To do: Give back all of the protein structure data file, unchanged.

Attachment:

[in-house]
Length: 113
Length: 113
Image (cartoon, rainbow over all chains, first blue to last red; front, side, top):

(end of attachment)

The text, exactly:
[in-house]
Length: 113
Length: 113
Image (cartoon, rainbow over all chains, first blue to last red; front, side, top):